On August 11, Mackey published an opinion piece in The Wall Street Journal called “The Whole Foods Alternative to ObamaCare,” which states that he does not support the current format of healthcare reform.
The reaction from the company's liberal base was immediate with customers calling for a boycott and news reports focusing on the number of bloggers and online commentators who said they would stop shopping at Whole Foods.
“I think it's always dangerous when a CEO weighs into a debate as emotional as healthcare,” says Jason Schechter, MD of Burson-Marsteller's corporate practice. “It's even more dangerous when a CEO directly contradicts the viewpoint of its core customer base.”
While Mackey is no stranger to controversy – the Journal reported in 2007 that Mackey had been using a pseudonym to criticize competitors on online forums for years – his decision to comment on such an intense partisan debate has some questioning his understanding of his core customer base.
“This is more or less what he's doing again, which is independently speaking up and speaking out and not really taking into serious consideration the views of his constituency,” says Leslie Gaines-Ross, chief reputation strategist for Weber Shandwick.
Mackey had been quick to defend and clarify some key points in the piece on his company blog within days, and Whole Foods reacted by adding an online forum to its Web site for customers to discuss the controversy.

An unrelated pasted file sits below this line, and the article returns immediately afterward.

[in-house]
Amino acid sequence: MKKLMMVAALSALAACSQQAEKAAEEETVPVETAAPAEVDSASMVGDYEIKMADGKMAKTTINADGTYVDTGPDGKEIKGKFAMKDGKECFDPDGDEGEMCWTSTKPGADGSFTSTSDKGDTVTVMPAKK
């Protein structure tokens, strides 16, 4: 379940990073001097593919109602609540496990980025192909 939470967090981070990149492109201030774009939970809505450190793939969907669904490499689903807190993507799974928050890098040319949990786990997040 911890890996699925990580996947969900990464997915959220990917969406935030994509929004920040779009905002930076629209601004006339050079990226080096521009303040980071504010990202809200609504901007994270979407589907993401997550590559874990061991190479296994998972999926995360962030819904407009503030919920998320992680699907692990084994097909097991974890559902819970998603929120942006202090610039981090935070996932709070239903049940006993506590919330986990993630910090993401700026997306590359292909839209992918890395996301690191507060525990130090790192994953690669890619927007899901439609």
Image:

Yet, within 10 days of the piece's publication, a Facebook fan page called “Boycott Whole Foods” gathered more than 20,000 fans and the organizers launched a Web site, Twitter feed, Flickr page, and events.
Mark Rosenthal, one of the group's organizers, said by e-mail that the primary purpose is "to get the word out to the Whole Foods customer base about just what values Mackey (and the Whole Foods brand) really represent."
A group called Single Payer Action called for a boycott and the UFCW said they would hold events at Whole Foods stores to educate shoppers about Mackey's opinion on healthcare.
“I would say he's smudged the reputation right now, and I will think he will lose a fair amount of customers,” says Gaines-Ross. “He's not speaking on behalf of the majority of his customers.”
A spokesperson for Whole Foods declined to comment, due to a policy of not speaking to trade magazines because of the “competitive nature of the grocery industry". However, other news reports said the company had sent letters to customers to apologize and had sought to differentiate Mackey's personal opinion from that of the company.
“It's particularly difficult here to separate the CEO from the company because he's also the founder of the company,” says Schechter. “They're going to be impacted by weighing in on this debate.”